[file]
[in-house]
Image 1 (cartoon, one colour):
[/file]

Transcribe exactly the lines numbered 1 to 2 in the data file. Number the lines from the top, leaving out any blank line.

[in-house]
Image 1 (cartoon, one colour):